Featured Images

StarDate Radio: March 30 — Moon and Regulus

The life of a close binary system is a matter of give and take. More »

StarDate Radio: March 29 — Moon and Jupiter

A giant lake spreads across the surface of Io, one of the big moons of Jupiter. More »

You are missing some Flash content that should appear here! Perhaps your browser cannot display it, or maybe it did not initialize correctly.


Stargazing: March 29

Jupiter huddles close to the Moon tonight. The planet looks like a brilliant cream-colored star close to the upper left of the Moon at nightfall. More »

StarDate Radio: March 28 — Moon in the Middle

The gibbous Moon passes through the middle of a triangle of bright astronomical objects tonight: the planet Jupiter, the star Procyon, and the “twins” of Gemini. More »

You are missing some Flash content that should appear here! Perhaps your browser cannot display it, or maybe it did not initialize correctly.


Stargazing: March 28

The gibbous Moon passes through the middle of a triangle of bright objects tonight: the planet Jupiter, the star Procyon, and the “twins” of Gemini. The brightest point of the triangle is Jupiter, which is to the left of the Moon as night falls. More »

StarDate Radio: March 27 — African Astronomy III

A worldwide consortium will soon decide where to build a globe-spanning telescope array that could study some of the most energetic objects and events in the universe. More »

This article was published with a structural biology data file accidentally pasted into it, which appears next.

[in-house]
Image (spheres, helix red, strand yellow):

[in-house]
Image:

You are missing some Flash content that should appear here! Perhaps your browser cannot display it, or maybe it did not initialize correctly.


Stargazing: March 27

The Moon is at first quarter today. The label is a bit misleading because sunlight illuminates half of the hemisphere that faces our way. “First quarter” indicates that the Moon is one-quarter of the way through its cycle of phases. More »

StarDate Radio: March 26 — African Astronomy II

Some giant radio dishes in Africa are getting a second life — they’re being reborn as radio telescopes. More »

You are missing some Flash content that should appear here! Perhaps your browser cannot display it, or maybe it did not initialize correctly.


Stargazing: March 26

The constellation Crater, the cup, is visible this month in the southeastern evening sky. Its stars are faint, so you need very dark skies to find it. To ancient European cultures, Crater represented the birthplace of storms. More »

Special Features

The History of the Telescope Hobby-Eberly Dark Energy Experiment
Black Holes Encyclopedia Texas Native Skies

FacebookTwitterYouTube

©2015 The University of Texas McDonald Observatory